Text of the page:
Tuesday, May 31, 2016

In Other Words: I Give My Younger Self Advice in a Commencement Speech


Dear Younger Self:

Graduates hear pretty much the same commencement speech across the country. Most are variations on “Today you begin a new chapter in the book of life….” Yawn. It’s a sweet sentiment and, even if it true, it’s a tired metaphor - so tired that the audience can take a quality nap, update Facebook, tweet a short thought, or post goofy Snapchat photos of the commencement speaker. (This will make sense much later in your life. Trust me.)

You sit there under that cap and gown excited, nervous, worried, sweaty, and a bit terrified. You are not sure of yourself or your future. Not sure if you can really make it. Not sure if you made the right decisions. Knowing that you made a lot of bad decisions. Not sure of anything. Welcome to the world.  Life does not move in a straight line. It’s like zig zagging through a crowded cafeteria only to find your favorite seat is taken. Remember that? Your life is more like a jigsaw puzzle and your job is to put it together to see what image emerges.  Remember those summer evenings on the porch with the family working on jigsaw puzzles? Yeah, it’s like that.

I don’t want to take anything away from what your commencement speakers will tell you, (Who was that anyway? All you will remember is the protester and the rain.) but school is just a small part of your education. In fact, you won’t remember anything they say. You will have that piece of paper that indicates you have the ability to learn or at least endure seat time - but you have much more to learn.  Everyone does. But I am talking directly to you. Us. Myself.
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Dad gave us lots of advice - some you won’t learn right away - but this is the most important one that I will remind you again when you graduate college.  He said, “Never think of yourself as an employee. You are an independent businessman. You may have one or more ‘clients’ but you are in charge.” You thought he was deranged. Even though his own business collapsed, he always had work. After all, he had five kids to feed and you ate a lot. (Remember that Saturday when you and your brother ate a dozen eggs and a pound of bacon for breakfast?) But this shift in attitude will make a difference in how you see your place in the work world. “Clients” will come and go, but you are growing your “business.” You will eventually understand it, but at a cost.

This will make sense when early on in your professional career when your position will be eliminated because a tax levy failed.  You won’t lose a job; you will lose a major client. But you will find other major clients.  And in an age where loyalty in the workplace is pretty much nonexistent, this will be a valuable attitude to have.  You have a business to grow.

You know how you listened with only half an ear? Like now. Remember how many times Dad fired you? Yeah. Three times. That’s because you didn’t listen. But you were always stubborn. In fact, that will motivate you to become a teacher so you can get through to students like you so they won’t make the same stupid mistakes.  You will be glad that you figured out that piece of life’s puzzle.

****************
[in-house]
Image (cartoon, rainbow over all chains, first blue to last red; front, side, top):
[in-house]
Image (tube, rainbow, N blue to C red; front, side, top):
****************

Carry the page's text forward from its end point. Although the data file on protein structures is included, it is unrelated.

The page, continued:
Every list, every speech, every story, is incomplete.  The problem is that each expresses just a partial thought. From here on you must piece those partial thoughts together to see the larger picture and to find meaning in it. Here are just a few pieces of the puzzle to help you along the way. So listen, younger self.

It’s a big world and your understanding of it is small.
Show up early and give more than asked.
Take the time to do it right; fixing mistakes can be costly and damages your reputation.
Be polite. It’s the grease of the social machine.
Look for patterns. Everything has a pattern. See the dots; connect the dots.
You earn your reputation every day, but it only takes a second to ruin it.
Keep it short and sweet.
Question everything.
Wear sunscreen. Seriously. You will thank me when you get older.
You are not the center of the universe.
Follow the money.  Know where it comes from, where it goes, and how you use it. But do not worship it.
Put people first.
Hard times reveal and build character.
If you don’t know, ask. Faking it is worse. No one knows everything.
The world does not owe you anything, but you have obligations to the world.
You will fail. Deal with it. Learn from it. Move on. No defeat is final.
Accept change.
If the waiter says it tastes like chicken then order the chicken.
If it sounds too good be true, it is.
Be patient.
What you feed your body is as important as what you feed your head.
Learn to relax. Stress will kill you.
Try something new.
Education never ends.

Okay? So walk up on that stage, accept your diploma, shake hands, and get out there and connect the dots. You have business to take care of.

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